It was August 2005 and I had just turned 20 years old. After two years of playing basketball at Wake Forest, I was drafted by the New Orleans Hornets. As you can imagine, I couldn’t have been more excited and began preparing myself for this new chapter in my life when things got turned upside down. I watched with the rest of the world while that city I was prepared to call my new home was devastated by Hurricane Katrina. This meant I would play most of my home games as a rookie in Oklahoma City. My first two seasons as a Hornet not playing or living in New Orleans felt unreal. What was even more amazing was how the people of New Orleans rallied around our team, cheering me on to the “Rookie of the Year” title though we played outside the city.
It took two full seasons for the team to return to New Orleans. However, by the end of my first season playing in our home arena, I knew that I had to do something to thank the people of the city who had inspired me so much. I decided to help NOLA’s children who were coping with the most difficult of circumstances and in most cases doing so without the “extras” many children take for granted. I understood why basics like rebuilding schools and roads were priority number one, but I also felt strongly that kids needed enrichment activities just as much as they needed good classrooms, good teachers, and good roads. Growing up, my parents made sure that my brother CJ and I were exposed to all kinds of activities that introduced us to new experiences, people, and skills. I wanted to be able to provide similar opportunities for the children of New Orleans.
I was determined to create an exciting afterschool program that would be fun for the kids but that would also use a best-in-class model that supported what they were learning in school. I wanted to make the hours after school rich with play, learning, and discovery.
JPMorgan Chase agreed to match every dollar I gave and together we invested $1 million to create the _CP3 Afterschool Zone presented by Chase. _The Partnership for Youth Development (PYD) was chosen to execute the program in partnership with KIPP Central City Primary School. Our initial investment funded the program for three years. A network of nine providers offers 22 safe, high-quality programs for 150 students every day. The programs range from creative writing to sushi making to African dance. The very first time I tasted sushi was when it was made by a seven-year-old second-grade girl in the program. How could I refuse?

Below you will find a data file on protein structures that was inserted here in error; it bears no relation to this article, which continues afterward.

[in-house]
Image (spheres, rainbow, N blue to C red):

It is incredibly challenging to start a program, and I have learned a lot along the way. The CP3 Afterschool Zone works because we have experienced providers, qualified staff, and a great partnership with KIPP and PYD. We strive to build on what the students are learning in school and stress communication between school day staff and afterschool program providers. We also have a great funding partner in Chase, which cares deeply about the children of New Orleans.
The Afterschool Zone is now in its third year, and I am no longer a New Orleans Hornet. I don’t get to see the kids nearly as much as I used to, but every time I go back to New Orleans to see them or they send me videos to show me what they are doing, I am reminded of how important these experiences are and how much the program supports their learning and builds their confidence. As I meet the children of Los Angeles and begin enrolling my own son in activities much like the ones I provide for the students in New Orleans, I am even more convinced that some of these “extra” programs shouldn’t be “extra” at all. They should be activities that all kids, no matter their families' income, get an opportunity to experience.
This conviction leaves me with a nagging question: What can I do to support the expansion of programs like this for all kids? Stay tuned.
_Chris Paul is a point guard for the Los Angeles Clippers. He is a five-time NBA All-Star, two-time Olympic gold medalist, and founding member of the Admiral Center. He believes that every child deserves the opportunity to have a safe place to play, explore and learn. He lives in Los Angeles with his wife and two children. _